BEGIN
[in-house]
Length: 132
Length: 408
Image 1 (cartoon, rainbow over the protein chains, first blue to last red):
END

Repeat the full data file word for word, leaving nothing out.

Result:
[in-house]
Length: 132
Length: 408
Image 1 (cartoon, rainbow over the protein chains, first blue to last red):